If you’ve been in California for a while, you may remember Ron Unz, the wealthy libertarian businessman who made a high profile but failed bid for governor in 1994. Now, he’s pushing a state ballot measure to boost the minimum wage to $12 an hour because that “would solve many of our economic problems at a single stroke.”
In a New York Times commentary, Unz says that a minimum wage will save taxpayers billions of dollars by boosting incomes so many Americans will no longer need services like food stamps.
“Businesses should pay their own employees rather than quietly shifting the burden to government programs and the American taxpayer,” he writes.
Unz’s critics suspect his motives are not pure. “He believes a bill that raises wages will help drive out immigrant workers,” writes columnist Amy B. Dean for Al Jazeera America. “Here’s how that works: Unz takes as gospel the traditional conservative belief that raising the minimum wage will destroy jobs.”
What do supporters of a higher minimum wage say?
Increasing the minimum wage “will be good for our economy. It will be good for our families,” President Obama declared last year. The idea is that increasing the minimum pay will put more money in the pockets of poor people.
Supporters are dreaming big. “Wages in the $22- to $25-an hour range will be needed to create good, family-supporting jobs — comparable to what manufacturing jobs paid back in the day — in many of America’s largest cities,” writes columnist Richard Florida in The Atlantic.
What do opponents say?
Critics say higher wages will lead to fewer jobs. “No one argues that increasing the minimum wage increases the number of unemployed workers who find jobs. In the end, the trade-off is clear. People who keep their jobs get more money; those who lose their jobs, or fail to get new ones, suffer,” write a pair of researchers in an L.A. Times commentary
They point to a report that suggests only 11 percent of the poor would benefit from a minimum wage hike since many poor people don’t work or are young and may live with their parents.
So what’s the truth about the potential impact?
The Atlantic puts it this way: “Researchers have been fighting over this question for a century — one of the first major government studies on it, involving Oregon’s early minimum-wage law, was conducted in 1915 — and the answer, I hate to tell you, is still murky.”
Economists, the story says, are divided, as a recent survey made clear.
There’s another complication: What happens if higher wages translate to higher prices? Things cost more — including that Chipotle burrito (no guac) — and everybody ends up with much less purchasing power, especially when it comes to industries that rely on low-paid workers like fast food and gas stations.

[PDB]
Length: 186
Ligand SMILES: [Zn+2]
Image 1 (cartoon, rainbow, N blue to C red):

And, as Forbes columnist Susan Adams wonders, if the employers forced to raise prices “are McDonald’s or Walmart, that could again burden disadvantaged families, since they are the ones who eat and shop there.”
So will prices skyrocket? Probably not, The Atlantic says. According to one researcher’s estimates, a minimum wage hike of 10 percent would have a tiny effect on prices overall, although fast food costs would jump by 4 percent.
How does the ‘Living Wage’ fit into all this?
Under its “Living Wage” ordinance, the city of San Diego requires contractors who work for the city at a cost of more than $25,000 to provide certain minimum levels of pay and benefits to their employees. Currently, employers must pay at least $11.65 plus $2.34 worth of health benefits per hour or $13.99 per hour without benefits.
A divided City Council passed the law in 2005 after a mammoth debate. How’d things go? “Businesses not dying in spite of living wage,” says a headline in the U-T from 2010. The story said “it seems clear that the worst fears of the critics haven’t come true.”
What about alternative ways to help the poor?
Conservatives and even a few liberals are intrigued by the idea of increasing the Earned Income Tax Credit, which lowers taxes for poor people. “The credit goes only to poor families, and not to relatively affluent college students, spouses or retirees,” Forbes’s Adams notes.
So a young single mother making minimum wage would get a boost but not a college student whose parents are paying her way and takes a fast-food job for spending money.
Still, as Adams notes, the credit isn’t a perfect solution: “I suspect that many minimum-wage workers, even though they’re entitled to spread out the income tax credit during the year, have a tough time figuring out how to set that up and can’t afford to pay an accountant to do it for them.”
So what’s next?
Gloria is pushing for a measure on the November ballot. “No one who works full time in this country should live in poverty,” he writes in a U-T commentary, using almost identical words as President Obama in his State of the Union speech last year.
Obama’s not likely to get anywhere because of opposition in Congress. But states and cities are picking up at least some of the slack.